IMD World Competitiveness Rankings 2019

India has moved up one place to rank 43rd most competitive economy in world in annual competitiveness rankings compiled by International Institute for Management Development (IMD).

Key Highlights

  • India: has moved one notch higher to 43th rank (from its 44th position in 2018, 45th in 2017 and 41st in 2016.) in terms of competitiveness worldwide. This improved rank is result of India’s robust economic growth, a large labour force and its huge market size.
  • Singapore: The competitiveness chart was topped by Singapore that has toppled the Hong Kong and the United States to to take the top spot among the world’s most competitive economies. Singapore has grabbed top position for the first time in nine years. In 2018 it stood at third rank.
  • US: The US slipped to the third place in 2019 edition of the IMD World Competitiveness Rankings.
  • Hong Kong: Hong Kong Special Administrative Region (SAR) has held onto its second position same as last year. This rank was due to countries benign tax and business policy environment and access to business finance.
  • Asia-Pacific: As per the study Asia-Pacific region has emerged as a global beacon with 11 out of 14 economies (that were studied) either improved or holded onto their ground.
  • Saudi Arabia: is the country that made its mark as the biggest climber of 2019. It advanced 13 places from 2018 currently to No. 26 this was due to strong investment in education.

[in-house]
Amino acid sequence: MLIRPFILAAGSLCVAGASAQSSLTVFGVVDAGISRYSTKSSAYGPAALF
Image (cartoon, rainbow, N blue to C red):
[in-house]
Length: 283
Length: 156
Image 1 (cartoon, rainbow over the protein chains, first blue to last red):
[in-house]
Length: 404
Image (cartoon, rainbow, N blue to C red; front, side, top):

• Venezuela: embattled in turmoil hit by inflation, poor access to credit and a weak economy finished in last place.

About IMD World Competitiveness Rankings

  • The rankings were first started in 1989.
  • It ranks 63 economies on 235 indicators which are incorporated from each of these economies. The indicators are used to evaluate country’s ability to foster an environment where enterprises can achieve desirable sustainable growth, generate employment and increase its citizen’s welfare.
  • Gauge: The International Institute for Management Development (IMD) Business School takes into account a wide range of statistics and hard data such as unemployment, GDP and government spending on health and education as well as soft data from an international business executive opinion survey on topics such as social cohesion, globalisation and corruption.
  • Categories: The economies were judged in four categories
  1. Economic Performance
  2. Infrastructure
  3. Government Efficiency
  4. Business Efficiency.

Way Forward

In the IMD 2019 rankings, although India has scored well on several economic parameters and tax policies but it still lagged in terms of education infrastructure, societal framework, public finance, health and environment. Thus challenge before India remains to address digital literacy and internet bandwidth in rural areas, to maintain high growth with employment generation, proper implementation of Goods and Services Tax (GST), managing fiscal discipline.

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